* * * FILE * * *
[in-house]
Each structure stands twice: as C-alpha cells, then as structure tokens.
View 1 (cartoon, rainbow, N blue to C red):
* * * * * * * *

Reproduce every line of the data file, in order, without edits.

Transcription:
[in-house]
Each structure stands twice: as C-alpha cells, then as structure tokens.
View 1 (cartoon, rainbow, N blue to C red):